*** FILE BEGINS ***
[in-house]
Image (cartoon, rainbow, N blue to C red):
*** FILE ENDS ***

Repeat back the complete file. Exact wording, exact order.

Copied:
[in-house]
Image (cartoon, rainbow, N blue to C red):